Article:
Elevated albuminuria may be associated with subsequent mortality from chronic lower respiratory disease and from influenza and pneumonia, independent of diabetes or chronic kidney disease, according to the results of a longitudinal analysis published in the Annals of the American Thoracic Society.

It is unclear whether albuminuria, a marker of endothelial dysfunction, is an early predictor of mortality from chronic lower respiratory disease and from influenza and pneumonia; therefore, researchers analyzed data from 7944 participants aged 40 years and older from the National Health and Nutrition Examination Survey conducted between 1988 and 1994 (NHANES III) to evaluate this association.

The average follow-up time was 19.2 years and during this time, 200 participants died of chronic lower respiratory disease and 129 died of influenza or pneumonia. Albuminuria was within the normal range (albumin/creatinine ratio <30 mg/g) in 89.1% of participants, moderately increased (albumin/creatinine ratio between 30 and <300 mg/g) in 9.4% of participants, and severely increased (albumin/creatinine ratio ≥300 mg/g) in 1.6% of participants.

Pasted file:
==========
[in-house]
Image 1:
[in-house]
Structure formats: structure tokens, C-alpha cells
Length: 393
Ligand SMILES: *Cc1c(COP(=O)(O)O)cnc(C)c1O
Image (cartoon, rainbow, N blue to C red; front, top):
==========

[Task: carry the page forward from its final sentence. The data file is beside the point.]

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A 10-fold increase in albuminuria was associated with an 88% higher mortality risk from chronic lower respiratory disease, after adjusting for covariates, including comorbidities. In sensitivity analyses, the results remained statistically significant after excluding participants with baseline chronic lower respiratory disease, diabetes, or chronic kidney disease. A 10-fold increase in albuminuria was also associated with a 103% increase in mortality risk from influenza and pneumonia, and these results remained statistically significant after excluding participants with baseline chronic lower respiratory disease, diabetes, or chronic kidney disease.

“Future prospective studies with repeated measures of albuminuria and covariates are warranted to confirm these findings,” the study authors concluded. “Further research is also needed to investigate whether preventive measures targeting individuals with high albuminuria levels might help prevent mortality from [chronic lower respiratory disease] and from influenza and pneumonia.”

Reference

Mendy A, Salo PM, Wilkerson J, et al. Albuminuria as a predictor of mortality from chronic lower respiratory disease and from influenza and pneumonia. Ann Am Thorac Soc. Published on May 12, 2021. doi:10.1513/AnnalsATS.202009-1226RL